Part of an interdisciplinary programme  to research the potential of the ‘Bender’ – a low-impact structure traditionally used in Northern Europe  – for re-appropriation as a contemporary low-impact housing solution.

Local Bender was built using a mix of green hazel poles harvested from within walking distance, and upcycled post-consumer waste gleaned from local construction projects. Part of the intention of this project was to explore to what extent necessity can take precedence over aesthetics in sustainable design, and how this in turn creates its own aesthetic. The project also expounded the problematic reliance on post-consumer waste as a basis for sustainable design.
Images from construction process:

Blueprint for a bender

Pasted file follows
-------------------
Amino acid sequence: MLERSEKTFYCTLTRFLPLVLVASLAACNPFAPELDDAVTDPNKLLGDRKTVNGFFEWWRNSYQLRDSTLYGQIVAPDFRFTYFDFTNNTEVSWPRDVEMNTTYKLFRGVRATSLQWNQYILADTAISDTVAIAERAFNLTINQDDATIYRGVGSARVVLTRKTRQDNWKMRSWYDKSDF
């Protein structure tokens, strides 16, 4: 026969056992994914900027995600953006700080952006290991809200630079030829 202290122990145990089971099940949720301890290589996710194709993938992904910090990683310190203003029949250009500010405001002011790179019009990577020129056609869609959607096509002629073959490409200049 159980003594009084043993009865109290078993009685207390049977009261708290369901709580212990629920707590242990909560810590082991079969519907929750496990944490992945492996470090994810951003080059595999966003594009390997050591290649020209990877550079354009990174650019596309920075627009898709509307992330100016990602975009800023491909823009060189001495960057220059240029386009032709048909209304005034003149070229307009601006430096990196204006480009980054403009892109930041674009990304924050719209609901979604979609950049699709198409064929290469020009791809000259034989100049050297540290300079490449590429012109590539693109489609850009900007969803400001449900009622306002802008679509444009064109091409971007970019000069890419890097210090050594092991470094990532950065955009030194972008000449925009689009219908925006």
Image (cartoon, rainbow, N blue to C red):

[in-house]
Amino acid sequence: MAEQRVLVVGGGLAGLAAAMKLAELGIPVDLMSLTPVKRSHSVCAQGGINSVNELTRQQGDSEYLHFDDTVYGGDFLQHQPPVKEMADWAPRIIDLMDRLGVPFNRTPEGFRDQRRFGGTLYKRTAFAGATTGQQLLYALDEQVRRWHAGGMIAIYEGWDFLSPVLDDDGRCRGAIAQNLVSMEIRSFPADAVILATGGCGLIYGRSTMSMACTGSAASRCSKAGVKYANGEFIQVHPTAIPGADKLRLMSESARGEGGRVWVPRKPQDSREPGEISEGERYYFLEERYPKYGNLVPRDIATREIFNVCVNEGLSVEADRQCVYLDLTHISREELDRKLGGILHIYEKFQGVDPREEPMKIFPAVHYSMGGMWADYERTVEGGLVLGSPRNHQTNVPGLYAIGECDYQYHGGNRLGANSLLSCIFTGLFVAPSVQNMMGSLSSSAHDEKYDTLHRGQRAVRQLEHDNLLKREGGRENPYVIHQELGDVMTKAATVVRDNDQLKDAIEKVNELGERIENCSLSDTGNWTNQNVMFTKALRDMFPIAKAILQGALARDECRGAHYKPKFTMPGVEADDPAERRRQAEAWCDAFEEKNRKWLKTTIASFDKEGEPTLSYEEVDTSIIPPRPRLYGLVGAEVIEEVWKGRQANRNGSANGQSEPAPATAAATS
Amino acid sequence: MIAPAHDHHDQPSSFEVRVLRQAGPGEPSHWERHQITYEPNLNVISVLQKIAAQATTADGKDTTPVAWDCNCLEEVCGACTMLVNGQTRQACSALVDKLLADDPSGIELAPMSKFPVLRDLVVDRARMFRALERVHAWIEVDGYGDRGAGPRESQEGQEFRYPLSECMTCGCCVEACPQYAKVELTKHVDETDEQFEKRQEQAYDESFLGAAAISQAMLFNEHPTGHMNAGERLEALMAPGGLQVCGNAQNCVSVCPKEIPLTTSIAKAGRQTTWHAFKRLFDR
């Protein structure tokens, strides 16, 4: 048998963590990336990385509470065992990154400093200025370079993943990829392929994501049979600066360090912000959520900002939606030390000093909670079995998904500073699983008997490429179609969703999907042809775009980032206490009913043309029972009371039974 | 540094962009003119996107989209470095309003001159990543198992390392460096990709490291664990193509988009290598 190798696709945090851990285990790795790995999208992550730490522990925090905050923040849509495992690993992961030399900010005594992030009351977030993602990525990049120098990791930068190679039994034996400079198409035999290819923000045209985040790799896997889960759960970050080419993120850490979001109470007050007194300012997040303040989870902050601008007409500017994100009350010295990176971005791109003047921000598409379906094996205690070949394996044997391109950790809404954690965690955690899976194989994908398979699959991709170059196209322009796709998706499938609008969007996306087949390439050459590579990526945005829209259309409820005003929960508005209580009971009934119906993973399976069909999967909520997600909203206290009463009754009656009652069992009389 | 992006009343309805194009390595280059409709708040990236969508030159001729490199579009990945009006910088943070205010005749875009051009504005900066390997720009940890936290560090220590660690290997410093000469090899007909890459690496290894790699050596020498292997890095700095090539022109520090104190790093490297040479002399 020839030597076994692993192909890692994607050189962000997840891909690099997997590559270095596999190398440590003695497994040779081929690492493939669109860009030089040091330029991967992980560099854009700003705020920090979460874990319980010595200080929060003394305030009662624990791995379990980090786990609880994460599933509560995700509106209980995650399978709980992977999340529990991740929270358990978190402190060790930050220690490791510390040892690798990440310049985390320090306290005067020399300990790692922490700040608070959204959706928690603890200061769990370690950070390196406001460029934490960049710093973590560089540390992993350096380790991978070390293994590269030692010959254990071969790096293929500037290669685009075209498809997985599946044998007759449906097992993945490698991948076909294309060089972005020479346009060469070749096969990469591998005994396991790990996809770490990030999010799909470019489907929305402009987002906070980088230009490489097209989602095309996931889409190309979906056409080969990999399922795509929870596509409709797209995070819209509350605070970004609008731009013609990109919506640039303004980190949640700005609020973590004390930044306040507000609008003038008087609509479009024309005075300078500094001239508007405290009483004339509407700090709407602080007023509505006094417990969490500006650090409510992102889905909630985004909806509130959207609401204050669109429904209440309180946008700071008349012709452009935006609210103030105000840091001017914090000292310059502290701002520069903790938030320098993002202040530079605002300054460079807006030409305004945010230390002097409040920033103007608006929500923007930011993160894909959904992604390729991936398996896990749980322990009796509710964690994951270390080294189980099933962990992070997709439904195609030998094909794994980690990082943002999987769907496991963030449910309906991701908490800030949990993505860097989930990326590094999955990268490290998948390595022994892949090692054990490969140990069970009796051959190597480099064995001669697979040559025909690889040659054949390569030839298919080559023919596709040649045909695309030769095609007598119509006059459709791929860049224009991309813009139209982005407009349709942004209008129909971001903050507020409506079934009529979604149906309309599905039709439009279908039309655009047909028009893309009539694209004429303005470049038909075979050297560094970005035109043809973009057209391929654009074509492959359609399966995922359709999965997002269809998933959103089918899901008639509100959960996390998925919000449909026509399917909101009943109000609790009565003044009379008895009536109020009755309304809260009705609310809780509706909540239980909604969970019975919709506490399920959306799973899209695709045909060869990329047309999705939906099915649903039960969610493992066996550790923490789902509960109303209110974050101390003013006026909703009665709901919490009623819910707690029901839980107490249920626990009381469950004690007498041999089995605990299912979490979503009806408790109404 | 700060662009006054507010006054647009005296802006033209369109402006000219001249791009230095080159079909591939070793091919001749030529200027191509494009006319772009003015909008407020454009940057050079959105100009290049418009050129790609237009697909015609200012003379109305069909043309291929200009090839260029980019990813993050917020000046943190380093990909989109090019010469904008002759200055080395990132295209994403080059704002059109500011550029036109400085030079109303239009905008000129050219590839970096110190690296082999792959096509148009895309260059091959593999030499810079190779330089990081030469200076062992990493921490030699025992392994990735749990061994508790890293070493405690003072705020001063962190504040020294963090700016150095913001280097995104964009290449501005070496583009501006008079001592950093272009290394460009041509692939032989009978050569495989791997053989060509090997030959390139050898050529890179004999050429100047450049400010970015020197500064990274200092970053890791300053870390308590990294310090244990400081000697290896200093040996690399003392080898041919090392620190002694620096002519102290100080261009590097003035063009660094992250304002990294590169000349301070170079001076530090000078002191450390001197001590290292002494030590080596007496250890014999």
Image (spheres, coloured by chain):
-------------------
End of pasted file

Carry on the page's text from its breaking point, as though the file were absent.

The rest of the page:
Dialine Blueprint – edition of 50

Originally designed for use by engineers on construction projects, the Dialine Blueprint medium fades quickly in sunlight, mirroring the impermanence of the bender structure. The existence of Blueprint for a Bender is enigmatic. Local Bender was an experiment in ‘designing with no design’, the structure and overall appearance being governed by the reclaimed materials found at the time of construction. The blueprint could only be made after the build had been completed.

This project was developed with Michael Hormann, Architect and specialist in eco design.